Protestants should become personally informed about changes within Roman Catholicism flowing from Vatican II. Cultural threats confronting Christians in the secularized West compel Protestants and Roman Catholics to lock arms, even if they don’t hold hands. Shedding stereotypes is a necessary prelude to conquering the tribalism on both sides that fails to respect the “other” who has become our fellow traveler.
To apprehend this conversation accurately, however, requires knowing that Berkouwer’s altered theological positions, including his reassessment of Roman Catholicism, were confronted and critiqued vigorously by his Reformed contemporaries, both in The Netherlands and in North America. One theological sympathizer, Hendrikus Berkhof, observed that Berkouwer’s thinking was in constant motion, and his method shifted along with his thinking, from (1) an initial commitment to the absolute authority of Scripture, to (2) a focus on the redemptive content of Scripture, and finally to (3) a focus on the existential intent of Scripture.
Berkouwer’s shift was rooted not in his theological assumptions regarding ecclesiology or the nature of dogma, but in his revised doctrine of Scripture. This is relevant for two reasons, involving first the book’s thesis and then prospects for future ecumenical dialogue.
First, Berkouwer’s theological shift facilitated the very rapprochement being celebrated in this book. His openness to the “form/content problematic” in his doctrine of Scripture (specifically, in his views of organic inspiration and infallibility) served to open the way for his conversation with the heirs of Vatican II. Listening competently, then, to this historical-doctrinal conversation requires readers to be familiar with the substantive critiques of Berkouwer’s theological shift furnished by theologians in his own tradition. These include the penetrating (Afrikaans) study by F.W. Buytendach (Amsterdam: Bolland, 1972) and the analysis by one of Berkouwer’s own students, Carl W. Bogue, A Hole in the Dike (Cherry Hill, NJ: Mack, 1977). Bogue criticizes the very feature of Berkouwer’s theology that lies at the heart of this volume: “The form-content distinction provides Berkouwer with a ready-made vehicle for ecumenical dialogue where ‘hang-ups’ with past formulations may be politely set aside to clear the way for ‘fresh’ insights on old problems. Nowhere has this been more visible than in Berkouwer’s discussions with and about Roman Catholic theologians” (pp. 8–9).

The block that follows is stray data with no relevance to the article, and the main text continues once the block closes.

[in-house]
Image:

The second reason why readers must evaluate Berkouwer’s altered doctrine of Scripture suggests a way forward. Echeverria concludes with an invitation to travel the road paved by Berkouwer’s writings, “so as to come to ecumenical partnership with the Catholic Church in the search for full communion” (p. 488). This is somewhat confusing, however, in light of the author’s earlier, rather far-reaching judgment that “Berkouwer’s dogmatics, especially evident in his criticism of natural theology, his understanding of faith and reason in the Catholic tradition, suffers from the weakness of abandoning the scholastic tradition” (p. 12). This abandonment included Berkouwer’s rejection of any philosophical foundation for theology. “In short, the intellectual weakness of Berkouwer’s thought is his anti-metaphysical and anti-scholastic tendency, having accepted in some sense the project of the dehellenization of classical Christian orthodoxy” (p. 12).
Perhaps, then, we might offer a substitute invitation. Given these three realities—(1) Echeverria’s own criticisms of fundamental flaws in Berkouwer’s epistemology, which had also been identified and evaluated by critics in Berkouwer’s own tradition; (2) the partial affinity for Thomas Aquinas in post-Reformation scholasticism and in Herman Bavinck; and (3) the contemporary recovery of the inheritance of Reformed scholasticism—it seems more helpful to view Berkouwer’s approach as a methodological and theological detour, so that we can find our way ahead by returning to the important (but surrendered) discussion of prolegomena, in terms of categories potentially shared by both Roman Catholicism and scholastic Protestantism.
The author defends the correct claim that “Berkouwer’s ecumenical engagement with Catholicism raises the fundamental question of what is an evangelical, catholic, and orthodox theology,” but because a number of critics, including the author himself, have identified serious problems involving both the evangelical and the orthodox qualities of Berkouwer’s theological engagement, perhaps the time has come to invite a different partner to join the conversation.
Nelson D. Kloosterman
Nelson D. Kloosterman
Worldview Resources International
Saint John, Indiana, USA